By Melissa Davlin and Ruth Brown, Idaho Reports
Gov. Brad Little has called a special legislative session to create a new flat income tax, dole out tax rebates, and set up new distribution mechanisms for public education.
The session, scheduled to begin at 8 a.m. on Sept. 1, comes after outcries about inflation and questions about how the state would spend its record-setting budget surplus, which is approaching $2 billion.
When they arrive in Boise, lawmakers will consider one proposed piece of legislation from the governor’s office. If passed, the wide-ranging bill will:
- Create a flat income and corporate tax of 5.8 percent;
- Give $300 in tax rebates to individual filers and $600 to joint filers, or 10 percent of the 2020 income tax filing, whichever is higher
- Distribute $330 million annually to K-12 education
- Distribute $80 million annually to a newly created in-demand careers fund
The legislation would be the largest tax cut in Idaho history, with $500 million going to Idaho residents in rebates and more than $150 million in ongoing tax cuts. Read the full draft proposal below.
Currently, Idaho has four graduated rate income tax brackets, though the vast majority of those who file fall into the top bracket of 6 percent. The bill would exempt from taxation the first $2,500 of taxable income. Seniors who don’t paid income tax but receive the grocery tax credit will also receive a rebate.
The Idaho Constitution allows the governor to call the Legislature into session outside of its regular sessions, which begin in January each year. In his proclamation, signed Tuesday, Little said the Legislature cannot consider any other issues.
“Inflation is at a 40-year high, putting gas, groceries, and other necessities out of reach for many Idahoans,” Little wrote in his proclamation. “Idaho taxpayers and the education system are especially imperiled by the consequences of historic inflation.”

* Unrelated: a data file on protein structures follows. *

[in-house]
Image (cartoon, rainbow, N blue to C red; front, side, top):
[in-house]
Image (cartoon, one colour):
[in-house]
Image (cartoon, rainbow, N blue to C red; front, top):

Bill would preempt the Quality Education Act
If the legislation passes, the Quality Education Act – a ballot initiative set to be on the November ballot – would essentially be void, even if voters choose to pass it. The Quality Education Act would add a new bracket to the tax code, increasing taxes for people with income above $250,000 or $500,000 for joint filers. The initiative would also increase the corporate income tax.
Complicating the question of education funding, Little’s draft bill also includes an advisory question about the proposal. Advisory questions don’t create or affect policy; Rather, it shows whether voters support a given proposal, and offers guidance to the Legislature on future policy.
If the legislation passes, that advisory question will appear with the Quality Education Act on the ballot. When asked about the voter initiative, Little said he prefers his approach to funding education.
“The last thing you want to do when people are having a hard time is say ‘Here, we’ll help you out, we’re going to raise your taxes,'” Little said during Tuesday’s press conference.
Sixty lawmakers from both chambers have signed on as cosponsors to the legislation. Multiple lawmakers attended Tuesday’s press conference, including outgoing Senate Local Government and Taxation chairman Jim Rice, Senate President Pro Tem Chuck Winder, Republican lieutenant governor candidate House Speaker Scott Bedke, and Senate Minority Caucus Chair Janie Ward-Engelking.
Idaho Reports will air a special episode on the legislative session at 8 pm Friday on September 2 on Idaho Public Television. The episode will also be available online at idahoptv.org.
“Do you approve or disapprove of the State of Idaho using the record budget surplus to refund $500 million back to hardworking Idaho taxpayers, cut ongoing income taxes by more than $150 million, and put more money in our classrooms by increasing education and student funding by a record $410 million? Your approval of this effort would combat historic inflation by returning money to taxpayers, creating a simple flat tax, and making the single largest investment in public education in Idaho history.”
Proposed advisory question language